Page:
Start with the the challenge and set a goal


Absolutely. You do start with your mindset. You start with focusing on what is the challenge that I absolutely have to solve for. And then I think it's being really mindful and creative and action-oriented, right? Because whether or not you feel like that next job is just waiting for you, it just needs you to knock on the door.

Start with your mindset: What is the challenge that I absolutely have to solve for?

Is there an opportunity to look for something part-time or maybe just some gig work to keep myself afloat, to keep some sense of income or revenue coming in, and to feel like I'm keeping my foot in the door of employment, right? That's one path you could go down. If you are in a situation where your finances maybe allow you a little bit more breathing space, you might look at education. Is it time to go back to school?

I am also a tremendous believer in the power of your network. So who can you reach out to, whether it's to have somebody look at your resume, whether it's asking somebody for an introduction, whether it's talking to a former mentor, a previous boss, a previous client or maybe it's just, you know, reaching out to friends and getting some moral support?


One thing I notice is not to maybe get stuck in the black or white thinking. Like, it's not like I either have my perfect full-time job or I have nothing. It's not like I need someone in my network to get me an interview or I don't talk to them at all. There's a lot of in-between and creative and out-of-the-box things that we can be doing. And not necessarily just waiting for the perfect opportunity for that next perfect job to start it on working on stuff.


You summed that up so well. And what I think you're articulating is: absolutely set a goal. Have a vision of a finish line, but give yourself the grace to celebrate each step you take toward it, right? It doesn't have to be achieving the big goal. You know, what's one thing that you did today to move yourself in the right direction?

Have a vision of a finish line, but give yourself the grace to celebrate each step you take toward it. What's one thing that you did today to move yourself in the right direction?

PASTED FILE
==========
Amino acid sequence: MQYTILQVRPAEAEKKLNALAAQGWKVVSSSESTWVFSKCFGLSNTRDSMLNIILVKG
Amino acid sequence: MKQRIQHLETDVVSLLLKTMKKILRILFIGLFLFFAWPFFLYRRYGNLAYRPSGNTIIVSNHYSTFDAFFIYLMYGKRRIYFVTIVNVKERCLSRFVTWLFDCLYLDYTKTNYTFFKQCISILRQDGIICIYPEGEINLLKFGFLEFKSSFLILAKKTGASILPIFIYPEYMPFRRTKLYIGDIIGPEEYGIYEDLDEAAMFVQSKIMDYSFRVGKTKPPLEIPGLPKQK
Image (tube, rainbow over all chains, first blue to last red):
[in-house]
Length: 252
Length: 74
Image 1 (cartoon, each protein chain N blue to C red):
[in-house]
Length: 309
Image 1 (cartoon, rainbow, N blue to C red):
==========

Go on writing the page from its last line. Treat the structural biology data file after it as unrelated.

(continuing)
Make time for self-care


I also know that you're an advocate of self-care. So tell me more about that.


I am absolutely a believer in self-care. If I'm honest, that is not a thing I've ever struggled with, possibly to my children's detriment. I have always put my care at the top of any list. I have always made sure that I have time to exercise, to do the things that I need to do for myself, to spend time with my girlfriends. And I really do consider that one of the keys to my success. I think everybody, including ourselves, suffers when we don't take care of ourselves. Even though you may feel guilty taking an hour to talk to a friend or go for a walk or exercise, the truth of it is that's how I keep my energy tank full.


I can so relate to that. When I work with patients, I often just want to shout from the mountain tops to all of my patients, all at once, "Take time off! You're not responsible for everybody else's happiness or wellbeing or getting their things done. You need to take care of yourself first."

In the examples that you listed for your self-care activities—the exercise, the talking to friends, the taking time for yourself—what I noticed is that these things are pretty accessible to most people. They don't necessarily involve spending a lot of money on fancy products or going to a spa day at an expensive resort. So what do you consider to be the core components of self-care?